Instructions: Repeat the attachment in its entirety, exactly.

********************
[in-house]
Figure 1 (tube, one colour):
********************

[in-house]
Figure 1 (tube, one colour):